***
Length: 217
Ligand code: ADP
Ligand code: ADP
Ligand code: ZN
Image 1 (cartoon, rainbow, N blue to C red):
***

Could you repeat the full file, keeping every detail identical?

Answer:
Length: 217
Ligand code: ADP
Ligand code: ADP
Ligand code: ZN
Image 1 (cartoon, rainbow, N blue to C red):